JP Your work is filled with tension. It can be the camera as it looks at a person, but there’s also tension between what’s active and what is passive, what’s a performance and what’s not a performance, and what’s created by the camera and what’s recorded by the camera. Also, consistently, there’s literal tension—dramatic conflict seems to be one of your great themes.

AP The spectrum of tensions you identify is well illustrated in After the Fall (2008), a four-channel piece that was filmed in the theater and then shown at The Kitchen’s gallery. One impetus behind the piece was the synchronized choreography of four cameras, which a sequence of key narrative points propelled. There’s a moment of passion that’s interrupted. You know, you can always use an interruption. (laughter) There’s a psychological confrontation, a betrayal, and a violent, physical conflict in which someone gets hurt, which segues into a kind of—

JP Catharsis?

AP A tumultuous gathering, an assembly that then falls apart. Whatever appeared as narrative just disintegrates as the cameras turn to scan, for quite a long time, each individual in the group. I thought of the narrative points as a ruse to move forward the more abstract, structural engine of the piece.

JP So how would you describe the evolution of your interest in theatricality, performance, and dramatic logic? Was it there before your interest in video, or was video your impetus to investigate them? And do you make a distinction between acting and performance?

AP Between acting and performance, yes. I picked up these Dan Graham interviews from ’94 and ’95 yesterday to get psyched for this. He’s asked a question about the relationship between the performance and the audience and he says, “Well, performance—I think—is a word that came out of the art world to describe something that was neither one thing nor the other.” I’ve wondered about this.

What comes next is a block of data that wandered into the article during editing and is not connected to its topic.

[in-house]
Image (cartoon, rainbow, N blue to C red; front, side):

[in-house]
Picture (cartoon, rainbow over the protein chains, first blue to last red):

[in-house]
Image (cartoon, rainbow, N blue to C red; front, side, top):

JP I feel strongly about that too—performance is neither one thing nor another.

AP Yes, and it goes to the art world as an umbrella. I performed in my earliest works, sometimes along with “artist friends who performed.” Then I became friends with some actors and included two of them in Still (1997) thinking it would be the same, but what they brought to it was so different. It took a while to move toward working with actors. I’d come to the limit of what I could do as a performer, since my orientation to performance came out of dance, working with a language of movement and gesture.

JP Interesting. The sense of an artist fascinated by actors in almost every aspect cuts through a lot of your work—by who they are as performers, as people, as workers who have to audition for a role. The idea of being in character, out of character, behind the scenes, in front of the camera . . .

I almost get the sense, in listening to you talk, that the idea of the actor, more than an interest in theater, was an introduction to these issues around the relationship between performance and theater.

AP Yes, the focus is on the actor, and that’s a focus on us—they stand in for us, for the viewer, for everyone. That focus animates the relationship between performance, theater, and film. These forms all trade places in my work: film acts like theater, performance acts like film . . .

JP You are a bit of a rarity in the art world. Usually artists are referencing cinema or theater, appropriating movies . . . any number of things. But to use trained professional actors is pretty uncommon. It goes against the amateurism that’s part of the tradition in video art—the ’60s and ’70s artists who got their hands on a Portapak.

 

Excerpt from The Drawing Lesson by Alix Pearlstein from BOMB Magazine on Vimeo.

 

AP I’m interested in how acting operates in a context in which there’s an expectation set up for performance as opposed to acting—so that acting is dissonant within that context. By performance I mean that the performer is not pretending: the artist is the performer is the artist. With acting there’s a representation of a character, an illusion of an inner life beyond that of the actor’s, such as backstory, psychology, and motivation.

Call it professionalism or a relationship to affect or presence that someone without training doesn’t have. It doesn’t always happen through conventional training, though. I’ve been watching some of Pedro Costa’s films, and he, like many of the so-called slow cinema filmmakers, is working with untrained actors—like you, working with your relatives. After working for a while with a really good director, though, they sort of become actors. I looked up one of the recurring characters in Costa’s films, and she’s not doing any other work, she’s not out there auditioning for commercials. She’s not living the life of an actor—that factor most definitely informs how I work with actors.

JP Do you think of your work as stripped down, or reductive, or even minimalist in relation to other kinds of narratives?